Discovery Notes: Although Dreyer credits the discovery to William Parsons, 3rd Earl of Rosse, he notes that many of Rosse's nebular discoveries were actually made by one of his assistants, in this case R. J. Mitchell.
Physical Information: Based on a recessional velocity of 5070 km/sec, NGC 7752 is about 235 million light years away. However, given its apparent involvement with NGC 7753, with which it forms Arp 86, it is probably at the same 235 to 240 million light year distance of the larger galaxy. Given that and its apparent size of 0.8 by 0.5? arcmin, it is about 55 thousand light years across.
SDSS image of irregular galaxy NGC 7752 and part of its larger companion, NGC 7753, with which it comprises Arp 86
Above, a 2.4 arcmin wide SDSS image of NGC 7752, also showing part of NGC 7753, which see for more

NGC 7753 (= PGC 72387, and with
NGC 7752 = Arp 86)
Discovered (Sep 12, 1784) by William Herschel
Also observed (Sep 15, 1828) by John Herschel
A 12th-magnitude spiral galaxy (type SAB(rs)bc?) in Pegasus (RA 23 47 04.8, Dec +29 29 02)
Historical Identification: Per Dreyer, NGC 7753 (= GC 5011 = JH 2268 = WH II 213, 1860 RA 23 40 05, NPD 61 17.9) is "considerably faint, considerably large, very little extended, very gradually a little brighter middle, mottled but not resolved".
Physical Information: Based on a recessional velocity of 5170 km/sec, NGC 7753 is about 240 million light years away. However, given its apparent involvement with NGC 7752, with which it forms Arp 86, it is probably at the same 235 to 240 million light year distance of the smaller galaxy. Given that and its apparent size of 3.3 by 2.1? arcmin, it is about 230 thousand light years across, over twice the size of our galaxy, and probably ten times as massive.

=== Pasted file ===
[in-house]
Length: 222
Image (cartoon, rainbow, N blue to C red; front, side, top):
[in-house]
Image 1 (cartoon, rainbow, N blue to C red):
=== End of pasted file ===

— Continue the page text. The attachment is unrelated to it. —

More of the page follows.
SDSS image of region near spiral galaxy NGC 7753 and its companion, NGC 7752, collectively also known as Arp 86
Above, a 12 arcmin wide SDSS image centered on NGC 7753 and 7752
Below, a 3.6 arcmin wide SDSS image of the pair
SDSS image of spiral galaxy NGC 7753 and its companion, NGC 7752, collectively also known as Arp 86
Below, a similar NOAO image of the pair (Image Credit Adam Block/NOAO/AURA/NSF)
NOAO image of spiral galaxy NGC 7753 and its companion, NGC 7752, collectively also known as Arp 86

NGC 7754 (= PGC 72511)
Discovered (Nov 28, 1885) by
Francis Leavenworth
Also observed (date?) by Herbert Howe
A 15th-magnitude spiral galaxy (type Sa?) in Aquarius (RA 23 49 11.2, Dec -16 36 02)
Historical Identification: Per Dreyer, NGC 7754 (Leavenworth list I (#266), 1860 RA 23 40 25, NPD 107 24.0) is "extremely faint, very small". The second IC lists a corrected RA (per Howe) of 23 41 58.
Physical Information: Based on a recessional velocity of 7500 km/sec, NGC 7754 is about 350 million light years away. (Need to do relatisvistic correction for the distance.) Given that and its apparent size of 1.5 by 1.0? arcmin, it is about 150 thousand light years across.
DSS image of region near spiral galaxy NGC 7754, also showing NGC 7759 and PGC 72509 (which is sometimes referred to as NGC 7754A)
Above, a 12 arcmin wide DSS image centered on NGC 7754, also showing NGC 7759 and PGC 75209
Below, a 2.4 arcmin wide DSS image of the galaxy
DSS image of spiral galaxy NGC 7754

PGC 72509 (= "NGC 7754A" = PGC 196759 = PGC 196760)